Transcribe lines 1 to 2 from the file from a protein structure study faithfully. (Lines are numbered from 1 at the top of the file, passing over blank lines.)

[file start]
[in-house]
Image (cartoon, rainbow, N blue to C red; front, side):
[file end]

[in-house]
Image (cartoon, rainbow, N blue to C red; front, side):